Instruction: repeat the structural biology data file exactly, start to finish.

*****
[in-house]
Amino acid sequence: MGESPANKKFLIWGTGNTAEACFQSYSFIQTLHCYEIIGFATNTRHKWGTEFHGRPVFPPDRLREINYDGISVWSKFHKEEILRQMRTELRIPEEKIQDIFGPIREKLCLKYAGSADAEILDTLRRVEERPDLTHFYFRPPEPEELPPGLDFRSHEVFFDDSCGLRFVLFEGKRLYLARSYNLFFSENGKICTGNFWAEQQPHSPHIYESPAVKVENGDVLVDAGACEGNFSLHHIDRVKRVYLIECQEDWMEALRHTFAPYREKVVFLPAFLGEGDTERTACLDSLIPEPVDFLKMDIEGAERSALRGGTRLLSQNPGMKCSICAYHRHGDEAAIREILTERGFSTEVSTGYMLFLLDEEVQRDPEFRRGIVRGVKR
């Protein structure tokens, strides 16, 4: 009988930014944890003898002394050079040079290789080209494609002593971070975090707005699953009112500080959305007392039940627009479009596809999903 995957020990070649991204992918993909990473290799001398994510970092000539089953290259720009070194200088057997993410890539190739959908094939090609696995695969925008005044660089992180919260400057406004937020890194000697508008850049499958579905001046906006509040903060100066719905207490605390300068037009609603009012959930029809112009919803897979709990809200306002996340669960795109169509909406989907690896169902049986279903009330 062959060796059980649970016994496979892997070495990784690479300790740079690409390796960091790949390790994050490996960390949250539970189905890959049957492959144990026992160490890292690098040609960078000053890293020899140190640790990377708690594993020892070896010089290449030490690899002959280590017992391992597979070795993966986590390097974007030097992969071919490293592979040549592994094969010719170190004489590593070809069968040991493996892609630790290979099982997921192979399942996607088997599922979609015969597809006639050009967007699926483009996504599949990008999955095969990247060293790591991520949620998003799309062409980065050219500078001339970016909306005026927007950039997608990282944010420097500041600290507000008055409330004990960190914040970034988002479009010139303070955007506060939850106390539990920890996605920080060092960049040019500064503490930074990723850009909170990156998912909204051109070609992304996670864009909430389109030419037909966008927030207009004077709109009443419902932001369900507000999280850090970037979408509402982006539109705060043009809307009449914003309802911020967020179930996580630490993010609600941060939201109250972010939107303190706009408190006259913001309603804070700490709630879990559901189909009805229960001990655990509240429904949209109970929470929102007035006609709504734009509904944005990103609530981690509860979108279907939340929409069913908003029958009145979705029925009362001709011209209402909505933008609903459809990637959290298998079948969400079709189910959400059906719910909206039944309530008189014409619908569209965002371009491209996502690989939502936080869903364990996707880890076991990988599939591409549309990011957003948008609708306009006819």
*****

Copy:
[in-house]
Amino acid sequence: MGESPANKKFLIWGTGNTAEACFQSYSFIQTLHCYEIIGFATNTRHKWGTEFHGRPVFPPDRLREINYDGISVWSKFHKEEILRQMRTELRIPEEKIQDIFGPIREKLCLKYAGSADAEILDTLRRVEERPDLTHFYFRPPEPEELPPGLDFRSHEVFFDDSCGLRFVLFEGKRLYLARSYNLFFSENGKICTGNFWAEQQPHSPHIYESPAVKVENGDVLVDAGACEGNFSLHHIDRVKRVYLIECQEDWMEALRHTFAPYREKVVFLPAFLGEGDTERTACLDSLIPEPVDFLKMDIEGAERSALRGGTRLLSQNPGMKCSICAYHRHGDEAAIREILTERGFSTEVSTGYMLFLLDEEVQRDPEFRRGIVRGVKR
């Protein structure tokens, strides 16, 4: 009988930014944890003898002394050079040079290789080209494609002593971070975090707005699953009112500080959305007392039940627009479009596809999903 995957020990070649991204992918993909990473290799001398994510970092000539089953290259720009070194200088057997993410890539190739959908094939090609696995695969925008005044660089992180919260400057406004937020890194000697508008850049499958579905001046906006509040903060100066719905207490605390300068037009609603009012959930029809112009919803897979709990809200306002996340669960795109169509909406989907690896169902049986279903009330 062959060796059980649970016994496979892997070495990784690479300790740079690409390796960091790949390790994050490996960390949250539970189905890959049957492959144990026992160490890292690098040609960078000053890293020899140190640790990377708690594993020892070896010089290449030490690899002959280590017992391992597979070795993966986590390097974007030097992969071919490293592979040549592994094969010719170190004489590593070809069968040991493996892609630790290979099982997921192979399942996607088997599922979609015969597809006639050009967007699926483009996504599949990008999955095969990247060293790591991520949620998003799309062409980065050219500078001339970016909306005026927007950039997608990282944010420097500041600290507000008055409330004990960190914040970034988002479009010139303070955007506060939850106390539990920890996605920080060092960049040019500064503490930074990723850009909170990156998912909204051109070609992304996670864009909430389109030419037909966008927030207009004077709109009443419902932001369900507000999280850090970037979408509402982006539109705060043009809307009449914003309802911020967020179930996580630490993010609600941060939201109250972010939107303190706009408190006259913001309603804070700490709630879990559901189909009805229960001990655990509240429904949209109970929470929102007035006609709504734009509904944005990103609530981690509860979108279907939340929409069913908003029958009145979705029925009362001709011209209402909505933008609903459809990637959290298998079948969400079709189910959400059906719910909206039944309530008189014409619908569209965002371009491209996502690989939502936080869903364990996707880890076991990988599939591409549309990011957003948008609708306009006819």